character names that start with the letters you type in. For example,
if you enter cop, nXML will present you with a
list of several character names that starts with
COPTIC, along with the name of the character
that's probably the one you're
looking for: COPYRIGHT SIGN.
Either use your mouse to select one of the choices from the
completion buffer, or type more letters then tab again to narrow down
the choices to the character you need. Or, if you just type
copy to begin with, you'll get
straight to the copyright sign (because it's the
only character name that begins with COPY).
Note that, by default, nXML inserts the hexadecimal character entity
reference, not the actual character; e.g., for the copyright sign,
nXML inserts the character reference ©.
This ensures that you will be able to interpret what the character is
if it is displayed by software that does not understand Unicode.
But this is where things get interesting: even though nXML writes
only the numeric character reference to the file, it displays the
glyph for the character (along with the character reference itself).
And if you mouse over the character reference, nXML displays the full
name of the character, either as pop-up text or in the minibuffer
echo area at the bottom of the Emacs interface ().
Figure 3. nXML display of special characters
As far as special characters go, nXML lets you have your cake and eat
it too. You get:
An easy way to enter special characters as character references,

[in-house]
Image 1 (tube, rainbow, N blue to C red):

without needing to memorize or look up their numeric values or ISO
The ability to see glyphs and full names for all the character
references in your documents, while still being able to distribute
them to others as ASCII-encoded files (so you're not
depending on others having editors that support Unicode or some other
To enter special characters in other ways:
Instead of typing C-c C-u to get prompted for a character name, type
C-u C-c C-u. You'll go through the same completion
process to enter the name, but when you're done,
nXML will insert the character directly, instead of inserting the
character reference. GNU Emacs 21.x or later supports display of
Unicode and many other encodings (as long as you have the fonts), so
you don't have to avoid inserting characters
directly unless you need to share your source documents with others
who might not have Unicode-enabled editors.
Try Norm Walsh's XML Unicode Lisp package
other things, it automatically inserts
"smart" quotes in just the same way
that most word-processing applications do, along with a smart
em-dash/en-dash feature. It also provides a menu-driven mechanism for
entering special characters, so you don't need to
type and do completion; instead, you just select a character name
from a menu. Compatibility with nXML's native
character-insertion mechanism isn't a
problem—the two coexist with one another quite happily.